McLaren CEO Zak Brown waiting on FIA outcome from Lewis Hamilton investigation

Mercedes boss hopes ‘robbed’ Lewis Hamilton will continue racing

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McLaren CEO Zak Brown is keen to see the outcome of the FIA investigation into the events of the Abu Dhabi Grand Prix – but has stopped short of accusing the authority of corruption. The controversial events at the Yas Marina, which resulted in Max Verstappen being crowned world champion following a dubious safety car procedure late in the race, has continued to divide the sport.

Mercedes, who had two subsequent protests over the procedure dismissed, remain incensed at what transpired, only agreeing to drop their notice of intent to appeal after the FIA promised a fully enquiry into the issue.

That investigation is currently ongoing, but the Silver Arrows, and Lewis Hamilton himself, have reportedly demanded the removal of FIA race director Michael Masi, who has come under mounting pressure following accusations that he deliberately manufactured a dramatic finish in Abu Dhabi.

Hamilton, 37, is yet to speak publicly since the race, but there are mounting fears he may yet retire from F1 ahead of the 2022 campaign if he’s not satisfied by the outcome of the investigation.

Brown meanwhile, has admitted he thinks the situation could have been handled differently by Masi, but repelled the notion that there was any malicious intent from the Australian.

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Addressing reporters at a McLaren media briefing, Brown said “I don’t think this was a malicious decision. So for those that might have a view that the sport’s corrupt etcetera, I don’t agree with that.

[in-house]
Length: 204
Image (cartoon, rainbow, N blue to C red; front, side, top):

“Do I think potentially a different decision could have been made? Yes, probably. I want to wait to see what the FIA comes out with, but I don’t think it was malicious, and therefore I don’t think it’s corrupt.”

Brown, 50, likened the saga to officials making contentious decisions in other sports, and believes the continued debate will simmer down once the 2022 campaign gets underway.

“We’ve all seen in sport before referees make decisions that people disagree with. Sometimes they’re right, sometimes they’re wrong,” he continued.

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“It gets pretty exciting and then the season starts and it soon becomes a thing that you never forget about, but it’s a thing of the past.”

However, Brown did also voice the need for the FIA to clarify what happened, and assure teams there would be no repeat in order to avoid any potential confusion ahead of the season opener in Bahrain on March 20.

This campaign is set to be an intriguing one, with new technical regulations part of an overhaul designed to make racing more competitive.

The new measures could conceivably end the current dominance of Mercedes and Red Bull, and more specifically Verstappen and Hamilton, with McLaren one of the teams now tipped to launch a bid for the drivers’ title.

Despite finishing fourth in the Constructors’ standings last year, slipping back a place from 2020, the British team notched their first one-two finish at an F1 race in over a decade.

It was Daniel Ricciardo who prevailed in Monza at the Italian Grand Prix, leading home team-mate Lando Norris.

However, it was Norris who enjoyed the better individual season, finishing fifth overall with Ricciardo three places – and 45 points – further back.

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